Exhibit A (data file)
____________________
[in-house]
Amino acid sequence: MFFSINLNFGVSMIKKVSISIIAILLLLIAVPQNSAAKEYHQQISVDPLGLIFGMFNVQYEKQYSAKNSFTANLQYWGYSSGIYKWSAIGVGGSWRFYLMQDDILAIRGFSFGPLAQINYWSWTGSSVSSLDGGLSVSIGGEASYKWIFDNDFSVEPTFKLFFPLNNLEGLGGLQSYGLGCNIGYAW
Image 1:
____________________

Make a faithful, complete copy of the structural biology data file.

[in-house]
Amino acid sequence: MFFSINLNFGVSMIKKVSISIIAILLLLIAVPQNSAAKEYHQQISVDPLGLIFGMFNVQYEKQYSAKNSFTANLQYWGYSSGIYKWSAIGVGGSWRFYLMQDDILAIRGFSFGPLAQINYWSWTGSSVSSLDGGLSVSIGGEASYKWIFDNDFSVEPTFKLFFPLNNLEGLGGLQSYGLGCNIGYAW
Image 1: